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In total, once clustered and optimized MF2 contains 4,753,320 faces and 672,057 identities. On average this is 7.07 photos per identity, with a minimum of 3 photos per identity, and maximum of 2469. We expanded the tight crop version by re-downloading the clustered faces and saving a loosely cropped version. The tightly cropped dataset requires 159GB of space, while the loosely cropped is split into 14 files each requiring 65GB for a total of 910GB. In order to gain statistics on age and gender, we ran the WIKI-IMDB models for age and gender detection over the loosely cropped version of the data set. We found that females accounted for 41.1% of subjects while males accounted for 58.8%. The median gender variance within identities was 0. The average age range to be 16.1 years while the median was 12 years within identities. The distributions can be found in the supplementary material. A trade off of this algorithm is that we must strike a balance between noise and quantity of data with the parameters. It has been noted by the VGG-Face work, that given the choice between a larger, more impure data set, and a smaller hand-cleaned data set, the larger can actually give better performance. A strong reason foropting to remove most faces from the initial unlabeled corpus was detection error. We found that many images were actually non-faces. There were also many identities that did not appear more than once, and these would not be as useful for learning algorithms. By visual inspection of 50 randomly thrown out faces by the algorithm: 14 were non faces, 36 were not found more than twice in their respective Flickr accounts. In a complete audit of the clustering algorithm, the reason for throwing out faces are follows: 69% Faces which were below the < 3 threshold for identity 4% Faces which were removed from clusters as impurities 27% Faces which were part of clusters which were still impure even after purifification.

Data Collection

To create a data set that includes hundreds of thousands of identities we utilize the massive collection of Creative Commons photographs released by Flickr. This set contains roughly 100M photos and over 550K individual Flickr accounts. Not all photographs in the data set contain faces. Following the MegaFace challenge, we sift through this massive collection and extract faces detected using DLIB’s face detector. To optimize harddrive space for millions of faces, we only saved the crop plus 2 % of the cropped area for further processing. After collecting and cleaning our fifinal data set, we re-download the fifinal faces at a higher crop ratio (70%). As the Flickr data is noisy and has sparse identities (with many examples of single photos per identity, while we are targeting multiple photos per identity), we processed the full 100M Flickr set to maximize the number of identities. We therefore employed a distributed queue system, RabbitMQ, to distribute face detection work across 60 compute nodes which we save locally. A second collection process aggregates faces to a single machine. In order to optimize for Flickr accounts with a higher possibility of having multiple faces of the same identity, we ignore all accounts with less than 30 photos. In total we obtained 40M unlabeled faces across 130,154 distinct Flickr accounts (representing all accounts with more than 30 face photos). The crops of photos take over 1TB of storage. As the photos are taken with different camera settings, photos range in size from low resolution (90x90px) to high resolution (800x800+px). In total the distributed process of collecting and aggregating photos took 15 days.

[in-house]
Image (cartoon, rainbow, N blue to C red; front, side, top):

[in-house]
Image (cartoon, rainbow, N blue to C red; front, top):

Data Annotation

Labeling million-scale data manually is challenging and while useful for development of algorithms, there are almost no approaches on how to do it while controlling costs. Companies like MobileEye, Tesla, Facebook, hire thousands of human labelers, costing millions of dollars. Additionally, people make mistakes and get confusedwith face recognition tasks, resulting in a need to re-test and validate further adding to costs. We thus look to automated, or semi-automated methods to improve the purity of collected data.

There has been several approaches for automated cleaning of data. O. M. Parkhi et al. used near-duplicate removal to improve data quality. G. Levi et al. used age and gender consistency measures. T. L. Berg et al. and X. Zhang et al. included text from news captions describing celebrity names. H.-W Ng et al. propose data cleaning as aquadratic programming problem with constraints enforcing assumptions that noise consists of a relatively small portion of the collected data, gender uniformity, identities consistof a majority of the same person, and a single photo cannot have two of the same person in it. All those methods proved to be important for data cleaning given rough initial labels, e.g., the celebrity name. In our case, rough labels are not given. We do observe that face recognizers perform well at a small scale and leverage embeddings to provide ameasure of similarity to further be used for labeling.


Please use the following citation when referencing the dataset:

title={Level Playing Field For Million Scale Face Recognition},
author={Nech, Aaron and Kemelmacher-Shlizerman, Ira},
booktitle={Proceedings of the IEEE Conference on Computer Vision and Pattern Recognition},
更新时间2021-03-24 22:53:31